An Italian sculptor, painter, poet, and architect of the High Renaissance, Michelangelo was born in the Republic of Florence. It was a medieval and early modern state centred on Florence, an Italian city. Many scholars consider him as one of the greatest artists of all time. He had a tremendous influence on Western art and created the most famous works of sculpture and painting.
Based on the surviving sketches, correspondence, and reminiscences, his works seem prodigious. He is also among the best-documented artists who lived in the 16th century. Here are some of his famous sculptures:
This is undoubtedly one of the most famous sculptures in the world. Michelangelo sculpted this masterpiece over the course of three years. He began working on it when he was just 26 years of age. Interestingly, many of the earlier depictions of this Biblical hero show his triumphant side.
Michelangelo was the first sculptor to portray David in an alert, tense position before his legendary fight with Goliath. This sculpture was originally positioned in 1504 at the Piazza Della Signoria in Florence. It was then moved to Galleria dell’Accademia in 1873. Today, it is displayed in this art museum under a specially-designed skylight.
Alongside his famous work, David, this 15th-century sculpture is considered one of Michelangelo’s greatest works. It was created originally for the French Cardinal Jean de Bilheres’s funeral tomb. This sculpture shows Virgin Mary holding Jesus Christ’s body after his crucifixion. It was a common theme in Renaissance-era Italy’s funeral monuments.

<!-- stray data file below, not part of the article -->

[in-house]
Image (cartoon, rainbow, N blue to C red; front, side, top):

During the 18th century, the sculpture was moved to St. Peter’s Basilica. Over the years, this great work of sculpture has suffered considerable damage. A significant part of it occurred in 1972. A mentally disturbed Australian geologist called Lazlo Toth attacked the sculpture with a hammer. He removed the arm of the Virgin Mary at the elbow. Then he knocked off a part of her nose and chipped one of her eyelids.
3. Madonna of Bruges
It was the only Michelangelo sculpture taken out of Italy during the lifetime of this great sculptor. The sculpture was donated to its current home, which is Bruges’ Onze-Lieve-Vrouwekerk. It was bought in 1504 by the Mouscrons, a wealthy cloth merchant family residing in Bruges.
The sculpture has been removed from the church on two occasions. It was removed during the French Revolutionary Wars and returned in 1815. The Nazi soldiers looted it during the Second World War. This episode has been shown in The Monuments Men, a film released in 2014.
It is the first large-scale sculpture of this renowned sculptor. Bacchus is among the few works of Michelangelo that focused on a pagan rather than a Christian subject. It shows the Roman god of wine in an awkward posture after getting intoxicated with the drink.
Cardinal Raffaele Riario had originally commissioned this statue but was rejected by Michelangelo. In the early 16th century, it was housed in the garden of banker Jacopo Galli’s residence. It has resided at Museo Nazionale del Bargello in Florence since 1871. Today, it is displayed alongside the master sculptor’s other works.